Second, Canada, in partnership with the Pacific Alliance, must identify and provide support for those negatively impacted by the agreement. This means minimizing the negative and differential impacts of trade liberalization for women in working environments that are precarious or “hyper-precarious,” low paying or unpaid. These environments include the agricultural and the informal sectors, work inside the home, export processing zones, sweatshops, and industries involving forced labour. Canada can take a major step forward by conducting an ex-ante impact assessment of the FTA with gender-disaggregated data. This assessment should assess the impact of the FTA in all sectors covered by the agreement on women’s employment and earnings, consumption, working conditions, and access to resources including public services. Canada can look to the United Nations Conference on Trade and Development (UNCTAD) Trade and Gender Toolbox for guidance. Only once Canada has undertaken such an assessment can strategies be developed to economically empower women, minimize the negative impact of trade agreements on vulnerable women, and compensate or respond to those adversely affected by trade. Actualizing these goals will require the parties to the FTA to set specific milestones and use appropriate monitoring tools.
Third, there is a range of policies and instruments the negotiating parties can use to help women better participate in international trade. As a starting point, the Canada-Pacific Alliance FTA should improve economic opportunities for women entrepreneurs, particularly women-owned micro, small and medium enterprises (MSMEs) and those involved in e-commerce. For example, the negotiating parties can create policy space and exemptions that allow and support extra procurement or market access opportunities for women-owned MSMEs. Importantly, Canada should engage in capacity-building and knowledge transfer to reduce barriers to women’s economic empowerment.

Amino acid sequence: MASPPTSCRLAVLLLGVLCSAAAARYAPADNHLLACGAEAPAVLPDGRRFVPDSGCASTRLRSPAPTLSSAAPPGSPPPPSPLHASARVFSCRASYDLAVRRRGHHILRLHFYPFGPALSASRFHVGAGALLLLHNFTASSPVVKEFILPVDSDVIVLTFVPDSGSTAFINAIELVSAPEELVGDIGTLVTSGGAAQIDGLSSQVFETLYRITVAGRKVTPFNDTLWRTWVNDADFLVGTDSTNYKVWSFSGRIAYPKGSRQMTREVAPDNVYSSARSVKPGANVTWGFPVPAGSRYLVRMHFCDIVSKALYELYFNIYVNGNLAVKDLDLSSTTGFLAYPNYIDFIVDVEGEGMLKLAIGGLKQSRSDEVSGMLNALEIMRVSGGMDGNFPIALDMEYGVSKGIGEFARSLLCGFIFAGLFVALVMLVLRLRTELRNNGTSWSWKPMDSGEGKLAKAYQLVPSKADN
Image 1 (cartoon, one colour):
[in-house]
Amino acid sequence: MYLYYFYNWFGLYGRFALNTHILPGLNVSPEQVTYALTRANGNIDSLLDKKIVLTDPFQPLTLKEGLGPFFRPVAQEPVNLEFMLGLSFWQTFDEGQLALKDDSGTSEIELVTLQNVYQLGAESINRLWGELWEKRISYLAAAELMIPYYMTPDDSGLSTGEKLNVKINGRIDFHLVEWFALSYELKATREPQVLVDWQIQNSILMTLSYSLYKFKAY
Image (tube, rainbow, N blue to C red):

Finally, Canada must apply a gender lens to the entire agreement, not just the chapter on trade and gender. One option is the inclusion of a strong labour chapter with clear obligations regarding gender equality and related enforcement mechanisms. Canada must also ensure that investor protections do not curtail governments’ duty to protect women’s rights and promote gender equality. Investor protection rules have the potential to make women in precarious situations even more vulnerable because of the dangers of regulatory chill. This is especially the case for the Pacific Alliance countries with large foreign investments by extractive industries where the effects of mining, environmental destruction, and displacement of people falls most heavily on women. It is important that the parties to the FTA develop safeguards for regulatory and human rights protection in the investment chapter and include explicit carve outs that give governments the policy space necessary to pursue positive discrimination in favour of those who are most vulnerable. If Canada is serious about advancing progressive trade then we must bring all of the pillars of this agreement into line with socially progressive and gender-sensitive commitments and ensure there is coherence across the entire agreement with meaningful implementation mechanisms.
In conclusion, the negotiation of the FTA with the Pacific Alliance is an opportunity for Canada to help set the gold standard for developing gender-sensitive, socially progressive trade policies. Much of the world is looking to our leadership on this agenda, a rare and politically valuable opportunity indeed. Nevertheless, we must underscore that setting the gold standard does not mean Canada should attempt to benchmark other countries’ performance on gender and trade. Indeed, such a strategy would be unwise given that Canada has much work to do at home to achieve gender equality and women’s economic empowerment. Rather we are proposing that Canada work in partnership with members of the Pacific Alliance, countries that are also explicitly committed to the trade and gender agenda, to develop a process through which trade policy can best be leveraged to improve the everyday lives of women, particularly those who have been adversely impacted by trade and investment liberalization.
- Canada and the Pacific Alliance have a unique opportunity to demonstrate leadership on the trade and gender agenda.
- Voluntary, best endeavour commitments are not enough to bring about meaningful social change and close gaps in gender inequality.
- A socially progressive, gender-sensitive FTA requires that marginalized groups participate in negotiations meaningfully.
- Measures aimed at women’s economic empowerment should target women-owned MSMEs and e-commerce.
- Women’s economic empowerment is only part of a gender-sensitive, socially progressive trade agenda. The negative and differential impacts of trade liberalization on those who are most vulnerable must be assessed and addressed through the use of ex ante gender impact assessment of the FTA.
- Canada must apply a gender lens to the entire agreement, not just a stand-alone gender chapter, with particular attention to minimizing the adverse impacts of investment activities on human rights.